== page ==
Mille believes that shopping habits have changed since the early-2000s, with people becoming less interested in brands and women especially looking for something more exclusive, something adapted to their needs and something that can’t be found everywhere. He insists that a brand name is no longer important and that sophistication is much more relevant today.

“So there are many parameters – exclusivity, novelty, creativity. With Richard Mille, passion is a huge part of the concept. I control everything and everything must be perfect – for example with the open link bracelet I became totally cuckoo – we went through at least 20 different modifications to achieve perfect integration with the case. Equal in importance with passion is comfort – it is a modern concept that people today don’t want to compromise on and our watches are so comfortable that, after wearing them, it is hard to go back to another brand.”

RM 26-02 Evil Eye
RM 051 Tourbillon Phoenix

Just for her
When designing for women Mille says that he never simply makes a case shape smaller. “The only way to keep the tonneau shape and to stay ergonomic is to make the case narrower,” he explains. “This means that the case is quite long and the lines are more feminine. In this way, the watch is completely integrated in the Mille family in that it is ergonomic but, at the same time, it is very different. We found that a lot of women were wearing men’s watches but found them uncomfortable. For that reason, we make two different sizes of women’s watch because we know that often they prefer bigger timepieces.”

And Mille insists that when it comes to the technical side of his women’s watches there is no compromise and where there is crossover it is because it works. “I wanted to come with sexy materials for women step-by-step,” he says. “We decided to use the extra light carbon and the success has been unbelievable. Of course, as with everyone, I do create pieces in diamonds and gold, but I will never compromise in either materials used or mechanics. As I’ve already said, comfort is super-important and it was a major endeavour to bring women to extra light watches. There is no difference in how I look at a new watch – no matter what gender it is for. I want to be consistent with my concept and only after that do I look at the different parameters for men and women.”

RM 19-01 Tourbillon Spider

As a watchmaker who also knows jewellery, Mille loves that women’s watches allow him a greater freedom with colour, intricate design and stonework. Suggesting that the limited numbers of each reference he works with makes creativity easier, he says: “I love the development process of different materials and colours because I am not afraid to experiment. What makes my life easier is the limited production – when you are not operating in a commercial world, the small quantities allow you to find customers and develop whatever you want.

“I push limits and learn something new every day but I won’t take risks. We have experimented and tested everything. When it comes to creating for women, I always say that I have no problem lowering my level of testosterone. I like to be playful. My challenge was to integrate women in a complicated world but at the same time I wanted symbolic value – I have played with the Celtic knot, which represents the timeless nature of our spirit; and the spider that was at the heart of the RM 19-01 Tourbillon Spider, which challenges perceptions of scariness and beauty. Most of the symbols are a little rebellious – the RM 26-02 Evil Eye and the RM 51-01 Tiger and Dragon Michelle Yeoh – but the basis is technicality. Take for example the RM 19-02 Tourbillon Fleur, whose animated, hand-painted magnolia petals open to reveal a flying tourbillon before closing again.”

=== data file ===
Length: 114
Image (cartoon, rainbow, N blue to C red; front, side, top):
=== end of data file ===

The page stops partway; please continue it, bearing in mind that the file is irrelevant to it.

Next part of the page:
The RM 19-02 Tourbillon Fleur

Complicated women
When it comes to technicality and love of complications, Mille finds little difference between his male and female clientele. “Some are interested in sports watches, many of them play golf or tennis and want a watch to be shock resistant, light and reliable. Others want something a little more lifestyle or ultra-slim and unobtrusive.

“Watches can be really boring – people want to copy pieces from the 18th or 19th centuries. But I make contemporary watches for contemporary users. The common denominator in all my watches is technicality. Modern women are interested in science and attracted to high-tech in the same way as men. The two universes are not cut down the middle, they are integrated and the reality is that women are only going to become more dominant in the future. This market segment is only in its early stages of growth and it is extremely short-sighted not to recognise that women are choosing and buying their own timepieces and deserve the same attention that is afforded to men.

“When I started my company, my objective was to only be involved with technical watches and I was not going to redefine my philosophy because I was making pieces for women. I have always been equally interested in aesthetics and mechanics, and
a well-fitting watch creates a real challenge because you have to adapt the movement. I believe that we have the best women’s collection in the world – the categories, the colours and the shape. In fact, I am certain that this is the case because we can’t keep up with demand, and when I see our success – women’s watches now account for 35 per cent of our sales in Europe – I think I can’t be wrong.”